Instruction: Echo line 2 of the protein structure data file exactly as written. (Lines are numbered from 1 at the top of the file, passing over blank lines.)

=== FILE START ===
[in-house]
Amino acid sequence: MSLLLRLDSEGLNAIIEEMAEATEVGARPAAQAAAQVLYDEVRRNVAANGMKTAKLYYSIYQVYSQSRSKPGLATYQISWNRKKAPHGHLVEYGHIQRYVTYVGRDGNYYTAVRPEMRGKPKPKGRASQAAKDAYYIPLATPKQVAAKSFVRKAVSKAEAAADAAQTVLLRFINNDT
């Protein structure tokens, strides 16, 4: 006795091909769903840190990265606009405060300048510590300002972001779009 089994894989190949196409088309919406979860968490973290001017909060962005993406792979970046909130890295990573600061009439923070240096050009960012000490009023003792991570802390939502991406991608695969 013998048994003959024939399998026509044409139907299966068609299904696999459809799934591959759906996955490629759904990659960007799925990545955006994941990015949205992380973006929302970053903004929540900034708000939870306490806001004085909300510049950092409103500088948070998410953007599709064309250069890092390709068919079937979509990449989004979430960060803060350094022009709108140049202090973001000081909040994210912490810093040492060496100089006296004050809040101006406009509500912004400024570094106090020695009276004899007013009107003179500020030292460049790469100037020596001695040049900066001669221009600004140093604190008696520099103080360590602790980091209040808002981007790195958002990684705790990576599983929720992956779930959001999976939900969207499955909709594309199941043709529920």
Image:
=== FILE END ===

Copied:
Amino acid sequence: MSLLLRLDSEGLNAIIEEMAEATEVGARPAAQAAAQVLYDEVRRNVAANGMKTAKLYYSIYQVYSQSRSKPGLATYQISWNRKKAPHGHLVEYGHIQRYVTYVGRDGNYYTAVRPEMRGKPKPKGRASQAAKDAYYIPLATPKQVAAKSFVRKAVSKAEAAADAAQTVLLRFINNDT